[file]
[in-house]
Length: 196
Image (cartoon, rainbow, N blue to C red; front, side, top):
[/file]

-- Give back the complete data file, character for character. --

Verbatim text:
[in-house]
Length: 196
Image (cartoon, rainbow, N blue to C red; front, side, top):